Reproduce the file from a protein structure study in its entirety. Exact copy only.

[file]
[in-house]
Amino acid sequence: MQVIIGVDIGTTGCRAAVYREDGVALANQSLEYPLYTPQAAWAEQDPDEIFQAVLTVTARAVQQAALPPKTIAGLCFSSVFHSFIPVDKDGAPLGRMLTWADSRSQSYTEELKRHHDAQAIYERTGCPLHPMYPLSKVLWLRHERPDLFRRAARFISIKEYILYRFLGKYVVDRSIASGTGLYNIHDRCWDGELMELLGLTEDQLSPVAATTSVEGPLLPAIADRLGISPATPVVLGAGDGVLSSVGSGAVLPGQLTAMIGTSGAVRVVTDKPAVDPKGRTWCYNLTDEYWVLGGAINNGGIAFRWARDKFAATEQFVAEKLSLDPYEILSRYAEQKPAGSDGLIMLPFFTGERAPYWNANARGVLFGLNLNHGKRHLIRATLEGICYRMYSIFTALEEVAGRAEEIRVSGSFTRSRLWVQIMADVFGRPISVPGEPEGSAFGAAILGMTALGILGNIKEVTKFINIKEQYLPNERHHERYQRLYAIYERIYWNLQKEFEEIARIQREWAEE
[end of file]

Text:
[in-house]
Amino acid sequence: MQVIIGVDIGTTGCRAAVYREDGVALANQSLEYPLYTPQAAWAEQDPDEIFQAVLTVTARAVQQAALPPKTIAGLCFSSVFHSFIPVDKDGAPLGRMLTWADSRSQSYTEELKRHHDAQAIYERTGCPLHPMYPLSKVLWLRHERPDLFRRAARFISIKEYILYRFLGKYVVDRSIASGTGLYNIHDRCWDGELMELLGLTEDQLSPVAATTSVEGPLLPAIADRLGISPATPVVLGAGDGVLSSVGSGAVLPGQLTAMIGTSGAVRVVTDKPAVDPKGRTWCYNLTDEYWVLGGAINNGGIAFRWARDKFAATEQFVAEKLSLDPYEILSRYAEQKPAGSDGLIMLPFFTGERAPYWNANARGVLFGLNLNHGKRHLIRATLEGICYRMYSIFTALEEVAGRAEEIRVSGSFTRSRLWVQIMADVFGRPISVPGEPEGSAFGAAILGMTALGILGNIKEVTKFINIKEQYLPNERHHERYQRLYAIYERIYWNLQKEFEEIARIQREWAEE